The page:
How to use volatile markets to spur better financial planning

February 22, 2016

Volatile financial markets can be unsettling, but it is important to realize that volatility itself should not cause a medical professional or anyone else to abandon a well-conceived financial plan.

Volatile financial markets can be unsettling, but it is important to realize that volatility itself should not cause a medical professional or anyone else to abandon a well-conceived financial plan. The market volatility that erupted in 2015 and early this year can have a positive effect by making investors take a second-or maybe a first-detailed look at their financial plan and see if it is one for all seasons.

Creating an investment strategy

Of course every sound plan has an investment component, and it is important that investments be properly diversified and rebalanced periodically. Creating a successful investment strategy begins with having a discussion with a professional about life goals. Retirement is an important subject, including the lifestyle one hopes for after the working years are over.  Furthermore, there can be other important interim goals, such as paying for children’s higher education, or having a vacation home. 

 

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A vital element of the goals discussion is determining the rate of return that will enable objectives to be not merely met, but met within one’s own risk tolerance.  Volatility is a reminder that risk certainly exists, but a long-term plan that is well thought out and takes risk into account can help ease your mind through the ups and downs of the markets.

Next: Advice from the experts

 

Many people who succumb to panic end up selling when markets are near their low points and buying back in after prices have recovered. Another important component of a good plan is keeping the proper amount of cash on hand to take advantage of buying opportunities and for a sufficient emergency fund.

 

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A comprehensive financial plan involves much more than investments, too. Steps left undone can have a larger impact on financial security and retirement readiness than financial market performance. A solid financial plan should be flexible and expandable to mesh with the trajectory of the physician’s economic and life situation.  

Advice from the experts

Below are some questions that physicians should raise with their financial planner and with other professionals such as attorneys, CPAs, and other experts:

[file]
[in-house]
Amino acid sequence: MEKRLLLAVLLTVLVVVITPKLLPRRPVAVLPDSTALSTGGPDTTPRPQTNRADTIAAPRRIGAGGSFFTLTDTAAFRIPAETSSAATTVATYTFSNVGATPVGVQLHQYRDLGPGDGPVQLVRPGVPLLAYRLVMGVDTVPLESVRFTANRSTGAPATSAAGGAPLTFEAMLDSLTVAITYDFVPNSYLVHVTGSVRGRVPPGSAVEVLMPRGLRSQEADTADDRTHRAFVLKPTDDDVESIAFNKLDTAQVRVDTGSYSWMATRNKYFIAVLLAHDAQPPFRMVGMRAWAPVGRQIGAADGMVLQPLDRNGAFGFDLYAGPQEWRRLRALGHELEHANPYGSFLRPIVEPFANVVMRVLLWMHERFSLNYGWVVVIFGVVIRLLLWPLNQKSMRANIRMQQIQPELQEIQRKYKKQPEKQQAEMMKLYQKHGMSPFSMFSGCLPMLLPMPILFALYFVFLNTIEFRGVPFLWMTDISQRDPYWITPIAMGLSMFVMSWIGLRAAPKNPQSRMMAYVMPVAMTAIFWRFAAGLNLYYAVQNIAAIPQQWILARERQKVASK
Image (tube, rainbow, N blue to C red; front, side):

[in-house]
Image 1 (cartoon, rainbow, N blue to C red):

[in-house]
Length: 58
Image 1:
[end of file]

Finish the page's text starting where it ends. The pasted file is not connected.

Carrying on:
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Q) Given the structure of my practice, what steps, if any, do I need to take to protect myself against legal liability?

A) For the successful practitioner, risk management and legal expertise should be brought to bear to design a plan that protects wealth from potential lawsuits and creditors. There are numerous legal structures that a practice can implement, such as a partnership or limited liability corporation (LLC). It is important to recognize what type of insurance coverage is appropriate for the structure of the practice. For example, a practice operating in multiple locations should organize so as to limit any potential liability for each location.

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Q) As I earn more and save more for retirement, should I be looking at a wider range of investments and products?

A) Generally, yes. When starting out with limited resources, portfolios should be kept fairly simple, with the proper amount of diversification.  As incomes rise and tax rates increase, the old adage, “It’s not what you make but what you keep,” becomes more important.  Individuals should not only consider return or yield, but also their tax-equivalent return when deciding on investment strategies. Additionally, higher earners should look for ways to save money on a pre-tax or tax-preferred basis. 

 

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Q) What kind of disability insurance coverage do I need if an illness or injury makes it necessary to give up my practice?

A) The most comprehensive disability protections will provide a stream of income if the physician is forced to leave his or her practice and move to a different career path, for example, in education or consulting. A surgeon who injures a hand should still be compensated by a policy even if he or she finds other employment in medicine or decides to switch fields entirely.  Additionally, medical professionals should look for a contract that specifically includes their specialty in the language of the contract rather than more vague or general wording, which is very common.

These are just a few topics to raise in a robust financial planning discussion with a professional advisor.  Remember, volatility has its ebbs and flows, and it should not deter a physician from taking steps that will help protect his or her financial future.

 

About Chris Kampitsis

Chris Kampitsis is a Financial Planner and Financial Services Executive at the Barnum Financial Group, an office of MetLife and a part of the MetLife Premier Client Group.  He is based in the Barnum office in Elmsford, NY.  Chris is also a Retirement Income Certified Professional (RIPC®). . He can be reached at ckampitsis@metlife.com.

MetLife does not provide tax or legal advice. Please consult your tax advisor or attorney for such guidance.  Metropolitan Life Insurance Company (MLIC), New York, NY 10166. Securities and investment advisory services offered through MetLife Securities Inc. (MSI)(member FINRA/SIPC) and a registered investment advisor.  L0216455851[exp0217][All States][DC]